With help from KU’s Office of Fellowships, three outstanding Jayhawks outshine the competition to win prestigious national awards

By Heather Biele / Photographs by Steve Puppe

Catalina Wedman, Alex Murray and Sam Steuart

When Anne Wallen, c’03, received an offer in 2012 to join the University Honors Program staff, she “felt like the skies opened.” After earning her bachelor’s degree in Germanic languages & literatures and humanities & Western Civilization, she had been advising honors students on fellowships at the University of Minnesota, where she completed her master’s and doctoral degrees. Returning to KU was a dream come true.

Now program director at the Office of Fellowships, she has worked with scores of talented, ambitious young Jayhawks, expertly identifying scholarship and fellowship opportunities and guiding them through the arduous application process. This year, four KU students were named finalists for some of the most prestigious national awards, including the Rhodes, Marshall and Mitchell scholarships. 

“Having four finalists was pretty wild,” Wallen says. “The most I’d had before for this caliber of competition was two, and four was more than twice the work.”

With more than 25 scholarships and fellowships to track, Wallen manages a formidable calendar of deadlines each year and oversees campus nominations and endorsements for 11 of the nationally competitive awards, as well as committees that support students through mentoring and practice interviews. Phillip Drake, a faculty fellow and associate professor of English, and graduate assistant Charlesia McKinney help Wallen with campus outreach and other projects.

Though Wallen is the first to admit that the process isn’t all about winning, capturing one—or in this case, three—of those coveted national honors is certainly sweet. Shortly before the fall semester ended, KU announced that Alex Murray, a finance and environmental studies major, had received the George J. Mitchell Scholarship; Sam Steuart, an American studies and biochemistry major, was awarded the George Marshall Scholarship; and Catalina Wedman, a Spanish major with minors in political science and global & international studies, was named the University’s second Charles B. Rangel Fellow.

These fellowships will fund the full costs of Murray and Steuart’s graduate degrees, as well as stipends for living expenses. Wedman will receive up to $95,000 in benefits for her advanced studies.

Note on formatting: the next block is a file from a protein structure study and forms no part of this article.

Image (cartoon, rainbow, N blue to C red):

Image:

Considering that the acceptance rate is less than 5% and that many applicants hail from private and Ivy League institutions, the winning trio, Wallen and the University have much to be proud of. 

“These are the best of the best,” Wallen says of KU’s competition for these prestigious awards. “But our students can be successful on the same kind of footing with students from all over the country. That’s what’s amazing about them.”


Alex Murray’s pursuit of degrees in finance and environmental studies—a somewhat unusual pairing—stems in large part from his Midwestern roots. At an early age, Murray developed a deep appreciation for the environment and agriculture, thanks to his parents, who grew up in farming communities. He nurtured that interest at Olathe Northwest High School, where he participated in debate and speech and learned the value of researching and understanding societal issues, including those that affect the environment. 

“When you talk about the problem of climate change, it’s this existential threat to communities that are very close to my family,” Murray says. “That was a big inspiration for me. And I think debate really brought in the academic side of things, the awareness of current events. That combination pushed me to why I chose what I studied.”

Murray

Though Murray initially had siloed his concern for the natural world from his education, a seminar during his freshman year in KU’s business leadership program helped him understand how his economic and environmental interests might converge. “I started to see that there was this overlap that was developing,” he says, “and it’s something that during my time at KU has become much clearer.”